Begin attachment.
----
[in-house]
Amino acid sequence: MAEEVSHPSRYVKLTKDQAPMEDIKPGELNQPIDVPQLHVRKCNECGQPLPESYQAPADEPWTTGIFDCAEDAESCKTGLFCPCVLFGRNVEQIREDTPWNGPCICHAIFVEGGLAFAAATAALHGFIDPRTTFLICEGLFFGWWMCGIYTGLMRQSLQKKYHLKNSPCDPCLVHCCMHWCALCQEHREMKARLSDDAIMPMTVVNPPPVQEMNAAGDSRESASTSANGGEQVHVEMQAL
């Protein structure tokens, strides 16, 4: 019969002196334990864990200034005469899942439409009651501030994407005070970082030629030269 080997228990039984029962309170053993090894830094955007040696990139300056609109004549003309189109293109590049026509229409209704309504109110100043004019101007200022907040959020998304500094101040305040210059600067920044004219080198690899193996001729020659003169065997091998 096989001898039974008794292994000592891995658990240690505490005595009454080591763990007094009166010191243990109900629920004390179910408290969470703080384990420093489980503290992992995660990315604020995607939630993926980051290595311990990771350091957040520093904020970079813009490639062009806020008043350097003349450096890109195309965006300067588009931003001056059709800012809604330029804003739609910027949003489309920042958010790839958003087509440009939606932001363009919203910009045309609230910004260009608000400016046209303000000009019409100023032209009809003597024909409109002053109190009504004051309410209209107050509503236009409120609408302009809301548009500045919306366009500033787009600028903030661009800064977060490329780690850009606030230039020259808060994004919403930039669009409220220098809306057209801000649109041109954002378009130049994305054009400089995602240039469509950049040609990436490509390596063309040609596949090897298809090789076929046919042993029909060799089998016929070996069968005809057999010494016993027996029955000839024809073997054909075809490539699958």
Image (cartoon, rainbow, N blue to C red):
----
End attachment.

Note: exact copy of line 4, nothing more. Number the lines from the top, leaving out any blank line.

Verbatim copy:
Image (cartoon, rainbow, N blue to C red):